Chi Onwurah: After years of disastrous austerity let 2017 be the moment we use the internet to deliver prosperity

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I like to say that I went into politics for exactly the same reasons I went into engineering – to make the world work better. Perhaps I’m biased as someone who has worked in both fields, but in my view politics and technology are the twin drivers of progress in our society.

When politics fails us – as it frequently has in recent years – technological innovation can provide a glimmer of hope. After seven years of disastrous austerity, our tech sector continues to bring benefits to consumers and workers across Britain. And it’s not only London that can count on tech to provide prosperity: in my own constituency of Newcastle Central, tech salaries have continued to rise even while wages have stagnated under the Tories.

However, we need to recognise that innovation creates losers as well as winners. According to the World Economic Forum, automation of white collar jobs could lead to mass job losses over the next few years. Representing a city that suffered immensely from forced de-industrialisation in the 1980s and the loss of thousands of jobs, I’m acutely aware that technological disruption comes with a cost.

And, as I’ve written before, the underlying architecture of the modern Net centralises too much power in too few hands. I believe 2017 will be the year that we realise we’ve been doing the Internet wrong.

As the RSA’s Rowan Conway has argued, solving these problems requires a vision of innovation that is productive, rather than simply disruptive. In Labour we’re currently developing this vision through our consultation on industrial strategy, which we’ve invited businesses and individuals from all over the country to respond to.

This is all the more important because, when done right, tech can provide solutions to the big problems we’re faced with as a society. Back in 2000 I was working to build Nigeria’s first GSM network, and it was here that I saw first-hand how the communications revolution made real positive changes in the lives of many Nigerians.

For example, fishermen in the Delta could now know the market price in Port Harcourt and were less vulnerable to exploitation by local middlemen. Pregnant women in Jos could phone for a doctor instead of having to send vital requests on foot over hours.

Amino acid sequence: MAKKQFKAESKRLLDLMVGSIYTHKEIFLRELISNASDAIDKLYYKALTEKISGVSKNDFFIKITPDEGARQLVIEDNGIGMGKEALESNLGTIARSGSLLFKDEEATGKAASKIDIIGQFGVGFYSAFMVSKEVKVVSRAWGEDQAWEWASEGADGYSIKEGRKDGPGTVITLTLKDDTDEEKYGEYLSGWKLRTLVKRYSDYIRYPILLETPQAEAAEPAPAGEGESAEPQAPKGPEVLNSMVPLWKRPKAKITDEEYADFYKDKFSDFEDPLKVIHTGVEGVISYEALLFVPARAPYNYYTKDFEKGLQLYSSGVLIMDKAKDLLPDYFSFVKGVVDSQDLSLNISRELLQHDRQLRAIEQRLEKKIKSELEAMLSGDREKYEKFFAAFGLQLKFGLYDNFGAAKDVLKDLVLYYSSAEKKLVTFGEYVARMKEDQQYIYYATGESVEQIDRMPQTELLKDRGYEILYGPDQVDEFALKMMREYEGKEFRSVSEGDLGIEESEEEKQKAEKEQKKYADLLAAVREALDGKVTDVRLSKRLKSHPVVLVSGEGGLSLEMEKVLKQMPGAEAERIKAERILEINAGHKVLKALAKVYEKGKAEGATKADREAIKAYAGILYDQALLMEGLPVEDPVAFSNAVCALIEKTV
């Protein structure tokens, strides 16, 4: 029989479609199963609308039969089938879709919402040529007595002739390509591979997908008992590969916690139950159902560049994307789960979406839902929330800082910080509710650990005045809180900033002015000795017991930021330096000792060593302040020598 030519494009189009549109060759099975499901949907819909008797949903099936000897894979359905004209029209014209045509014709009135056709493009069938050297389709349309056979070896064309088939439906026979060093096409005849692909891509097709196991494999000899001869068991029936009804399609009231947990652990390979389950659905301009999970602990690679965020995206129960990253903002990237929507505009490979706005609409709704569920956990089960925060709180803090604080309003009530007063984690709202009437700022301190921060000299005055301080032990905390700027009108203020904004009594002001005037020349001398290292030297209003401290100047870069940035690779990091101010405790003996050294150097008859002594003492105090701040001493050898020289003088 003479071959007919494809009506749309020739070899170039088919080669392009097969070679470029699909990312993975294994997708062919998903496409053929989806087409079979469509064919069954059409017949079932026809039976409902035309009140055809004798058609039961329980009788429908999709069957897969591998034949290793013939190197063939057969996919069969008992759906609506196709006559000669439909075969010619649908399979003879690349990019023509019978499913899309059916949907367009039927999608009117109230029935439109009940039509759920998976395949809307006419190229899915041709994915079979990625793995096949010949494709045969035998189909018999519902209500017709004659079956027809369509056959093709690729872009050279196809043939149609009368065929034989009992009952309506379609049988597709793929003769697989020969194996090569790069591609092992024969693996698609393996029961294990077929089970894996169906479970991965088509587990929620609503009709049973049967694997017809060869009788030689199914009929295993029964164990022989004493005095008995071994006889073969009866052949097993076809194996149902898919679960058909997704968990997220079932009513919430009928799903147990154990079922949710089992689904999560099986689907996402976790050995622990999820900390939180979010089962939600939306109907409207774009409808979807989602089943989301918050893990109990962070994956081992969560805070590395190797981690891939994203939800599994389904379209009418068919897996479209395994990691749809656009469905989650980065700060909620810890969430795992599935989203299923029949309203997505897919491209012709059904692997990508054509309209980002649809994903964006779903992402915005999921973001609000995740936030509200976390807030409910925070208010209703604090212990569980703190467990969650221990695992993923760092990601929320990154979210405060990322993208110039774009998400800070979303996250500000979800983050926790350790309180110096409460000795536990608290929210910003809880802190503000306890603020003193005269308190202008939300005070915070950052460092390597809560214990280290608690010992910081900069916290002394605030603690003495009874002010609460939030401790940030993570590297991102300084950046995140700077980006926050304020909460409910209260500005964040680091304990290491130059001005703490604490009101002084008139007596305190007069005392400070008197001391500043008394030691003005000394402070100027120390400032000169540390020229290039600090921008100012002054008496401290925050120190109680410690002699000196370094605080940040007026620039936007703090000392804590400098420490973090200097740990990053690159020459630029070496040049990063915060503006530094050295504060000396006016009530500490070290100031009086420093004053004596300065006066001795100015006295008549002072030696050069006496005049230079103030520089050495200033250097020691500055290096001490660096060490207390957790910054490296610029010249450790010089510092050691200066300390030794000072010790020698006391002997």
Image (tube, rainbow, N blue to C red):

This was technology doing what we need it to do: empowering those without resources, not enriching the already-empowered.

My experience in Nigeria was of building up a country’s technical infrastructure. But digital technology can also help us build a better civic infrastructure for our society, aiding us in our pursuit of greater transparency and democracy.

Just look at the Taiwanese example. While governments around the world have been tying themselves in knots trying to properly regulate the new intermediaries economy, the Taiwanese government turned to the vTaiwan movement of hackers and activists for a more elegant solution. Through a combination of digital democracy apps such as Pol.is and more traditional methods of offline facilitation, the Taiwanese government was able to reach a workable consensus that suited all sides of the debate.

Examples like this give me hope that technology can help to connect us instead of driving us further apart. Although a stereotype exists of tech people as money-driven libertarians, I know there are members of the tech community who are motivated by a desire to do good and make the world a better place.

One recent symbol of this public spirit is Techfugees, a movement within the international tech community which is responding to the refugee situation in new and innovative ways. Techfugees organises conferences, workshops and hackathons around the world in an effort to supply a pool of tech solutions and tech talent to NGOs working with refugees, and refugees themselves.

As Labour members we believe that “through common endeavour we achieve more than we achieve alone”. For the “hacktivists” involved in projects such as Techfugees and vTaiwan this isn’t ideology but common sense. It’s the tech community brought us new types of collective approaches, from open source coding and collaborative document-editing to real-life meetups and hackathons.

So I also want 2017 to be the year that even more coders, hackers, and engineers use technology to make the world a better place. As politicians, we need to play our role by recognising the risks of new technologies while harnessing the good they can create. Tech and politics can both drive us forward, but their impact is more powerful when they’re working in tandem to make us freer and more prosperous.

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